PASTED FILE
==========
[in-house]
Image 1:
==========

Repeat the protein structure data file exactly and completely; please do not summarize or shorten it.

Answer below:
[in-house]
Image 1: